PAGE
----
Faculty Advisor or Committee Member

John J. Rosowski, Advisor

Faculty Advisor or Committee Member

Jefferey T. Cheng, Committee Member

Faculty Advisor or Committee Member

Loris Fichera, Committee Member

Faculty Advisor or Committee Member

Douglas T. Petkie, Committee Member

Faculty Advisor or Committee Member

Richard D. Sisson, Jr., Department Head

Faculty Advisor or Committee Member

Cosme Furlong, Advisor




The middle ear plays an integral role in the normal hearing process by transforming sound energy from the air inside the ear canal into vibrations of the inner-ear fluid, and a malfunction in any middle-ear component can lead to significant hearing loss. Despite decades of research on the Tympanic Membrane (TM or eardrum), the transformation of sound energy into ossicular mechanical vibrations is not yet well understood. Part of this is because the available clinical and research tools provide insufficient data to understand the complexities of this transformation. The data insufficiency arises due to methodological, technological, and physiological limitations such as required nanometer and microsecond spatio-temporal resolutions of the sound-induced TM motions. Although holographic methods provide nondestructive non-contact measuring capabilities that satisfy most of the constraints for TM measurements, the influence of large submillimeter scale physiological motions in live samples produced by heartbeat and breathing can result in near complete saturation of TM holograms. In this Dissertation, a new high-speed correlation interferometry holographic method is proposed that can compensate for the effects of physiological noise using an open-loop control configuration. Preliminary animal measurements with the proposed method demonstrate the necessary accuracy and precision to measure the motion of the entire TM produced by short- duration (≥1 kHz) transient stimuli. Such rapid measurements reduce the effect of the longer and slower environmental and physiologic noises, and enable clinical applications. In the second part of this Dissertation, a novel multiple wavelength high-speed holographic interferometric shape measurement method is incorporated into the high-speed displacement measurements. The method uses the imaging optics of the displacement measurement system to perform shape and orientation measurements. Displacement and shape measurements can be made in less than 200 msec and allow computation of true surface-normal displacements. The surface-normal measurements are independent of the direction of observation, which helps comparisons of measurements made after changes in TM orientation or location. The results enable accurate and precise shape and displacement measurements for use in applications such as modal and finite element analyses, additive manufacturing of prosthetic TM grafts, clinical diagnosis, hearing rehabilitation, as well as optimization of hearing devices. In addition, measured shape parameters such as curvature, depth of cone etc., can help us understand TM mechanics and contribute to quantitative diagnostic assessments.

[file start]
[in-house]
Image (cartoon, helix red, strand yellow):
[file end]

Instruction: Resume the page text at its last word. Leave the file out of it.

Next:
Worcester Polytechnic Institute

Degree Name



Manufacturing Engineering

Project Type


Date Accepted





Middle ear mechanics, High-speed holographic interferometry, Tympanic Membrane, Transient displacement measurements, Shape measurements